One thing which struck me as being a bit unhelpful was that, when we arrived in the Kyiv airport from Odesa, I saw an information poster providing hotline numbers for Ukrainian citizens from Crimea who needed assistance. But all the information was in the Ukrainian language. To me, this is not the best way to reach people who are Russian-speakers. I understand concerns about language, but when people arrive and need assistance, they need to be able to get it in the language they speak.
U.W.: What are specific kinds of assistance the international community can provide, if the Ukrainian government does come up with a long-term plan you mentioned?
UNHCR is an agency that specializes in dealing with IDPs and refugees. They have done this many times in different contexts and could play the lead role in the process. I will try to raise awareness about the need for this assistance among Council of Europe member-states. And I have now deployed an advisor here in Kyiv. He will stay here till the end of the year and will be my eyes and ears here, informing me regularly. I myself hope to come back sometime in the fall.
This is a new situation for Ukraine. It’s clear that there will be shortcomings in the response to it. But, given the growing number and particular vulnerability of these people, dealing with their needs should be a priority.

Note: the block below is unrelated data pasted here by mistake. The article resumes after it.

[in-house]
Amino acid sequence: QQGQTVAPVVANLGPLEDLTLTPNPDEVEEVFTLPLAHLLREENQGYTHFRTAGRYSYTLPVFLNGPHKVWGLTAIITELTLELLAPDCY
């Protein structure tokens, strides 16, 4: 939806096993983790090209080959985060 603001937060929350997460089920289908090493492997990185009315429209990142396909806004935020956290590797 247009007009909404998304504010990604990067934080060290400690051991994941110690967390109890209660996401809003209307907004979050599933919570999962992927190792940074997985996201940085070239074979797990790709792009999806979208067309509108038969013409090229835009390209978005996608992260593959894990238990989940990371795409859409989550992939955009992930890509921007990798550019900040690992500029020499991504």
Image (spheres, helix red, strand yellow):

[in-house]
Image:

U.W.: How would you assess the level of cooperation between civil society and the government? How effective is it, if any?
Ukraine is in the transitional phase, and this was very obvious to me during my visit. You have a new President but an old parliament which does not necessarily reflect the current trends in society. In various ministries, you have some newly-appointed ministers and deputy ministers, but they are surrounded by people from the old government. You have a situation of conflict and a rapid inflow of IDPs, plus a looming economic crisis because of the gas war. So, Ukraine has found itself caught in a huge flux.
I have heard stories of good cooperation and dialogue in some areas, but I have also heard a lot of frustration about civil society not being listened to, whether it is on the IDP issues or others addressing human rights violations.
Right now, Ukraine is in a mixed situation, however it has a huge resource in its civil society that I saw. I saw IDPs living in the servants’ quarters of Mezhyhiria, the former president’s palace. The self-organization of the current administration at that facility was amazing. It is incredibly heartwarming. But as the IDP pressure grows, you will need the central government to take over the lead role in dealing with it.
U.W.: Are there any specific tools that the international community, in addition to Ukrainian activists, can put pressure on the current government to undertake that responsibility?